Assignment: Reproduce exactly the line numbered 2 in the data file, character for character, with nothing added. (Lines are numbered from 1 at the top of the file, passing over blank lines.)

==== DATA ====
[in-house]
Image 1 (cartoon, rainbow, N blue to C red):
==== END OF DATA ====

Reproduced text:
Image 1 (cartoon, rainbow, N blue to C red):